HERE Arts Center / Dream Music Puppetry Program January 12, 2008
Victor Frankenstein, his sister Elizabeth and brother William played hide-and-seek in the woods outside Geneva, their laughter and giggling voiced by two performers seated in plain view on either side of a small proscenium stage. This was the most lighthearted moment in Frankenstein (Mortal Toys), a bittersweet prelude to Victor’s study at the University of Ingolstadt, followed by the flowering of his scientific genius and the disasters his creation would wreak upon his family.
Frankenstein (Mortal Toys), a dramatization of Mary Shelley’s novel by Erik Ehn, was presented at HERE’s Dream Music Puppetry Program in an adaptation for puppet theater by Janie Geiser and Susan Simpson of Automata, a Los Angeles-based workshop dedicated to preserving and revitalizing marginal theatrical forms. Puppeteers Sarah Brown, Victoria Keddie, Eli Presser, and Jamie Samowitz manipulated the characters from behind the stage, which was roughly the size of a widescreen TV, while actors Chris Payne and Dana L. Wilson sat to its left and right, narrating the performance and sometimes playing small musical instruments.
The writing clung close to Shelley’s original, and the production design and live music by Severin Behnen were generously slathered with Gothic foreboding. The small wooden rod puppets, operated from above, were painted like 19th-century portraits save for the monster, whose gray, indistinct body was adorned with the head of an ancient Chinese sculpture. Brooding arctic landscapes, treacherous cliffs and darkling forests, all crafted from wood and foam, dwarfed the small players. In keeping with Romantic tradition, every fiber of this terrain seemed attuned to the character’s emotional states, and shifts in scale and sudden reveals gave the entire production a pop-up-book feel. Frankenstein’s delirium was punctuated by a macabre dream in which Elizabeth’s dress slipped off of her body to reveal only bones and offal. Delicate strings suddenly stripped the trees of foliage following Frankenstein’s promise to make the monster a bride, and after Elizabeth’s nuptial murder, the sails of passing ships were whisked into the sky.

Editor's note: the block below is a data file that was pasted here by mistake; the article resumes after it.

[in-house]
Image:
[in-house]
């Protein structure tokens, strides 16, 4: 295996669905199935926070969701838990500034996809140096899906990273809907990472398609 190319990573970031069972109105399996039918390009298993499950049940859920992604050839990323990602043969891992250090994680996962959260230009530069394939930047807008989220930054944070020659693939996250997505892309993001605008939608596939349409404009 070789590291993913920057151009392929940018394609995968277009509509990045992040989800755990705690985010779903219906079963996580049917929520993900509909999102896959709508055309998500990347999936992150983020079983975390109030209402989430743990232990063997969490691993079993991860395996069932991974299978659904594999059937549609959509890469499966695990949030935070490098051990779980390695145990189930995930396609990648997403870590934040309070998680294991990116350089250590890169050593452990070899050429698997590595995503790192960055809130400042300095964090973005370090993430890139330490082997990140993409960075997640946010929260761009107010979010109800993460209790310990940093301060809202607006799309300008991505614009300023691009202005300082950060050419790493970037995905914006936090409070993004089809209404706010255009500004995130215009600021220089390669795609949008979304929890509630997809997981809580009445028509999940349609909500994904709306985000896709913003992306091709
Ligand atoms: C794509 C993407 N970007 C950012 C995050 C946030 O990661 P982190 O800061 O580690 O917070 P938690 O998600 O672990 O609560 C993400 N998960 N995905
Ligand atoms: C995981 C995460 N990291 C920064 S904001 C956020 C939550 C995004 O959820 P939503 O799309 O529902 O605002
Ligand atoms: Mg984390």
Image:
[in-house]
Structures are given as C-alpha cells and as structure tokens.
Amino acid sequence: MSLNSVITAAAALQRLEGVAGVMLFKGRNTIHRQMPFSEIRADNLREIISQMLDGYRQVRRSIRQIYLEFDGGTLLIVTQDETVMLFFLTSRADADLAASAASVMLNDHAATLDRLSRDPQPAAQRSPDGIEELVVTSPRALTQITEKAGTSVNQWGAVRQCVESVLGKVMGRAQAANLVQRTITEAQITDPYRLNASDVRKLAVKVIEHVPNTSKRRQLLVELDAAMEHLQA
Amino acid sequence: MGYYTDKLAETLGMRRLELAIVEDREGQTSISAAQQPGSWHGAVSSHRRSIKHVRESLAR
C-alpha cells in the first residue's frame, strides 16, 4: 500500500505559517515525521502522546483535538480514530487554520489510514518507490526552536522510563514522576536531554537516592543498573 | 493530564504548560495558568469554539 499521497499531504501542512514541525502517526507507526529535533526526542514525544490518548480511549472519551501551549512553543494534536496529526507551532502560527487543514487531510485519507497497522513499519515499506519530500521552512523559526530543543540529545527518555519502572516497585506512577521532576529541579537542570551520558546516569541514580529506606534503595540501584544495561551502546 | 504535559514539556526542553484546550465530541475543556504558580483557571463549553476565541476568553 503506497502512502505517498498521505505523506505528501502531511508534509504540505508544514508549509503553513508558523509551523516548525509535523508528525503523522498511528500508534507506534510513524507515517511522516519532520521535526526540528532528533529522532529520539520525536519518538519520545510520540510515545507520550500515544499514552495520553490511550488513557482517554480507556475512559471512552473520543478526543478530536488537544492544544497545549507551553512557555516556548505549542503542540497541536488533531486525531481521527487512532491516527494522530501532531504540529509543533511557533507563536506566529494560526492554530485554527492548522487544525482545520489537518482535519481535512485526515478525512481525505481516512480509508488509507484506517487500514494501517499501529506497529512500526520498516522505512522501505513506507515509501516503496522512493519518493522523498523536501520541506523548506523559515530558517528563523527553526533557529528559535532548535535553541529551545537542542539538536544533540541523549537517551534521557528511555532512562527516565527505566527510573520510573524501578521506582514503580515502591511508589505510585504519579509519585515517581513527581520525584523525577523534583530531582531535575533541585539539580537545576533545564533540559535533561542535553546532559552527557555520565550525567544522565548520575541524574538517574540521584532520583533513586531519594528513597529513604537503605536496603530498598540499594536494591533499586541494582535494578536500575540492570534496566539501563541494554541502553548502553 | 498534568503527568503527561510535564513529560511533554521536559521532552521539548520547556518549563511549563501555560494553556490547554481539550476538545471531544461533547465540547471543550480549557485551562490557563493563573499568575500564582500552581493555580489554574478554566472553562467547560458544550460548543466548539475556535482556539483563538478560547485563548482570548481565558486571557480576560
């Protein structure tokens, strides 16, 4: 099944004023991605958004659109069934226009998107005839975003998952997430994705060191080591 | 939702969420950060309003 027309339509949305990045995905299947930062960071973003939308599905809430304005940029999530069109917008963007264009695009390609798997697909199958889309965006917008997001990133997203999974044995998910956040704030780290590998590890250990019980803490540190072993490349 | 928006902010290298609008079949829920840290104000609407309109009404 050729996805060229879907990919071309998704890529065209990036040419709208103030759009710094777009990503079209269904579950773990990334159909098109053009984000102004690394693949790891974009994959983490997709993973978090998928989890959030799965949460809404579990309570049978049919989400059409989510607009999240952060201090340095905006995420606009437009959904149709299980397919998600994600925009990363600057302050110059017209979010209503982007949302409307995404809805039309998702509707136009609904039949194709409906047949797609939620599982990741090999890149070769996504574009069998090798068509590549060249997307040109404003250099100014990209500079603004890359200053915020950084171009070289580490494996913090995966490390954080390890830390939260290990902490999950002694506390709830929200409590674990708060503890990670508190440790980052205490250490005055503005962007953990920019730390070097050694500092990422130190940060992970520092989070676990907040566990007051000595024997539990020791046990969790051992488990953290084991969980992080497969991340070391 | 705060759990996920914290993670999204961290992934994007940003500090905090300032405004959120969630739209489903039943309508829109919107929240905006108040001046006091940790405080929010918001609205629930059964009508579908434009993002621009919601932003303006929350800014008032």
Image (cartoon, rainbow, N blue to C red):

With these simple puppets and jury-rigged special effects, Automata created an event in which text and dialogue met stagecraft on equal terms. A twist of the rod or the slightest movement of an arm was all the motility these muted characters were allowed. My eyes registered the flattened figures, with their limited movements, and the transformations of the landscape as visual vignettes to an oral narrative tracing around the action, not from the action.
This dynamic between the visual and oral narrative was interrupted by a flashback of the monster’s encounter with the blind man, shown in a digitally projected stop-motion video of animated wooden toys, a jarring divergence that seemed unnecessary. As fruitful as an intersection between heterogeneous methods can sometimes be, this cameo appearance, so to speak, only served to re-marginalize stop-motion within the context of the puppet play itself.
By placing the actors in plain view, Automata follows in the tradition of Henri Signoret’s Le Petit Théâtre des Marionnettes (1888-1894), where poets read the text while other artists operated the puppets. The reading itself was actually a series of dramatic monologues—with Payne often “conversing” with himself as both Frankenstein and the monster. I often found myself contending with the gazes of the actors as they narrated the story. By deliberately making eye contact, especially in the midst of dialogue, the actors compounded my sense that puppetry, as a performance schema, relies on the puppet-object’s alienating simulacrum of a living being, which embalms every act and gesture of the performer with allegory, allusion, and doubt. Taken side by side, the “actual” person (actor) and the “differed” person (puppet) mirrored the Frankenstein/monster duality, essentializing the symbolic dimensions of experience and subject.
Alternative theater often flexes its postmodern muscle by bearing marginalized forms into our midst as mere anachronistic novelties. Frankenstein (Mortal Toys), however, did not stray into ironic asides, blatant contemporary allegories, or insipidly self-aware nods to the audience. The production fit almost perfectly within the Gothic tradition. Located somewhere between voice and object, the proto-trans-humanist Frankenstein grappled with the fate of his utopian enterprise, the monster grappled with abandonment, while both grappled with being. All was tragedy, loss, and regret.